Some things that I think appropriate for one sport may not be for another. What is appropriate for early off-season may not be appropriate for pre-season, in-season, or even post-season. You don’t understand everything from one picture, no matter how damning or encouraging it may seem. You may have this fully stocked argument or nasty email written up to send the person, or maybe you did send it and then came to find out there was a misunderstanding.

How many times has this happened? I was once ready to rip the head off the owner of a technology company for something that they had said about me in an email. I thought that maybe I was taking things out of context, so I reached out to the person and I’m glad I did. They explained their position and I completely understood—and in fact agreed—with what they had said. While we don’t work together, we have a great mutual respect and understanding for what the other person does as a result of this. If I would have just exploded, things would not have ended up the way that they have.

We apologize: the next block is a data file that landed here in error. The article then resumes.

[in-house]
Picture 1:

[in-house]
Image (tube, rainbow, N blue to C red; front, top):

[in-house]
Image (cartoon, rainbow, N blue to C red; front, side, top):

Social media can be a very powerful tool to enhance your learning and your network, but you have to use it with some responsibility. I could go on and on, but something that just popped into my head was the one rule for our track team under Dr. Rick McGuire: always do the right thing. This entire article and rant could simply boil down to this. Always do the right thing. If you are doubting if you should do something or questioning how it might be perceived, don’t do it. Stop, count to 10, walk away, and come back and re-read it. Maybe send it to someone else before you post it. Several friends and I do this for each other often; we send something to each other and don’t post anything without approval from the others. This has saved me a lot of headaches and repercussions because of two things: I get their unemotional input and I get time to step away from it and come back.

I often end my articles with a Strong(er) of mind closing, but I don’t think that applies this time. I think it’s best to say that this is the end of the rant — at least for now.